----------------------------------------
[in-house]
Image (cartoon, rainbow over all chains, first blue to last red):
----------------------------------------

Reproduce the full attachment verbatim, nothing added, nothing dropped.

[in-house]
Image (cartoon, rainbow over all chains, first blue to last red):